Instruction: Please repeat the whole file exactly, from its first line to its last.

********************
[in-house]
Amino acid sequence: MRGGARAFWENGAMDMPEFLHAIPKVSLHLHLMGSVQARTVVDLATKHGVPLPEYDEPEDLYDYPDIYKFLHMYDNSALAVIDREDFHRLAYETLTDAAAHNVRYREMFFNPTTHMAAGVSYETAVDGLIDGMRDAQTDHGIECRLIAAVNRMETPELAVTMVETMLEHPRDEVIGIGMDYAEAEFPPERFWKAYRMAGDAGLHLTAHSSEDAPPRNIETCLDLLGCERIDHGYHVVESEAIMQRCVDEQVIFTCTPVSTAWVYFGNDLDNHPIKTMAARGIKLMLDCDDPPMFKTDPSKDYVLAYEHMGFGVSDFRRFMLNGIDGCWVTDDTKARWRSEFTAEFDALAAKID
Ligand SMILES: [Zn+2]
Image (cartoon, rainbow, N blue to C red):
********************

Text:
[in-house]
Amino acid sequence: MRGGARAFWENGAMDMPEFLHAIPKVSLHLHLMGSVQARTVVDLATKHGVPLPEYDEPEDLYDYPDIYKFLHMYDNSALAVIDREDFHRLAYETLTDAAAHNVRYREMFFNPTTHMAAGVSYETAVDGLIDGMRDAQTDHGIECRLIAAVNRMETPELAVTMVETMLEHPRDEVIGIGMDYAEAEFPPERFWKAYRMAGDAGLHLTAHSSEDAPPRNIETCLDLLGCERIDHGYHVVESEAIMQRCVDEQVIFTCTPVSTAWVYFGNDLDNHPIKTMAARGIKLMLDCDDPPMFKTDPSKDYVLAYEHMGFGVSDFRRFMLNGIDGCWVTDDTKARWRSEFTAEFDALAAKID
Ligand SMILES: [Zn+2]
Image (cartoon, rainbow, N blue to C red):